Liverpool’s Champions League-clinching win over Tottenham didn’t see many players shine, but a few individuals stood out on a legendary evening in Madrid.
The Reds sealed European Cup number six in Madrid on Saturday, beating Spurs 2-0 in a match more about pragmatism than anything else.
Mohamed Salah‘s early penalty gave Jurgen Klopp‘s men the perfect start, with the spot-kick awarded with just 21 seconds on the clock.
A tense affair then ensued, before Divock Origi further etched his name into Liverpool folklore with an 87th-minute strike.
It is a remarkable achievement by Klopp and his players, who have instantly become both legends and one of the best Reds teams in history.
Here we compare our player ratings from the game with those from the Liverpool Echo, the Mirror, the Independent, the Guardian, Sky Sports, FotMob and the TIA readers.
On Liverpool’s biggest night since Istanbul, it was Alisson (8.2) who was their star man, earning the highest average rating on a baking hot evening.
After the nightmare that Loris Karius experienced last season in Kyiv, the Brazilian produced a goalkeeping masterclass this time around, making big saves and showcasing his world class distribution.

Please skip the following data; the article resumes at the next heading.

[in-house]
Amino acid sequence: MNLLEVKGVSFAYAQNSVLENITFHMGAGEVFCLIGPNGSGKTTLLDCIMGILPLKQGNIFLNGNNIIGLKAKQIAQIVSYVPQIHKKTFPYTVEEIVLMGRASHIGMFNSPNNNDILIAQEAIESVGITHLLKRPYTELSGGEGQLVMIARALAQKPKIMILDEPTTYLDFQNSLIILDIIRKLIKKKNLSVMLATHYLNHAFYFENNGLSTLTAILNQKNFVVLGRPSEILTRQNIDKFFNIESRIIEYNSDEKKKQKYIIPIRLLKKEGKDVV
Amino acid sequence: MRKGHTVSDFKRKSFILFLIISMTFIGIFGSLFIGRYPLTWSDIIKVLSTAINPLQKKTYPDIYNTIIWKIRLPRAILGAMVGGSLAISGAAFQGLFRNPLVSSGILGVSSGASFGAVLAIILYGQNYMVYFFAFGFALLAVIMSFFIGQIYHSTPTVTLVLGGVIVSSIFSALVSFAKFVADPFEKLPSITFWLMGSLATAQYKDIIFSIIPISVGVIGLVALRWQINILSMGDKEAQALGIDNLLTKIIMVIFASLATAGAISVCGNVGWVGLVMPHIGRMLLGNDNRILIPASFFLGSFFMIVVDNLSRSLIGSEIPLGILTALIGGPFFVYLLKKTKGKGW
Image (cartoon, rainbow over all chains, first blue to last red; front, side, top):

This is Anfield’s Henry Jackson hailed Alisson as “the best goalkeeper in the world” – it’s hard to argue otherwise – and John Cross of the Mirror spoke about the upgrade Liverpool have made between the sticks.
Virgil van Dijk (7.9) earned the official Man of the Match award and he completed an imperious season with another immaculate showing.
The Echo‘s Ian Doyle felt the centre-back “comprehensively won his battle” with Harry Kane, who was powerless up against him.
Meanwhile, Sid Lowe of the Guardian lauded Van Dijk’s “superb response” to Son Heung-min getting in on goal in the second half, with the Dutchman showing great pace to make a vital interception.
Three players shared the bronze medal in our final ‘Average Player Rating Olympics’ of the season: Joel Matip, Andy Robertson and Sadio Mane (all 7.5).
Jackson outlined the “huge contribution” Matip made for Origi’s all-important goal, laying on an unlikely assist for the Belgian.
Cross correctly declared that there “cannot be many better left backs” than Robertson – would you swap him for anyone in the world currently? – and also described Mane as Liverpool’s “most dangerous forward”.
If there was one player who really struggled on an energy-sapping evening it was Roberto Firmino (5.4), who looked well of the pace after injury.
The Reds’ number nine was comfortably his side’s lowest-rated player in Spain, with Doyle saying starting him was “a gamble that didn’t pay off” by Klopp.
Firmino’s work-rate could never be questioned, however, and he gave his all on a truly special occasion—the most significant night in the Reds’ recent history.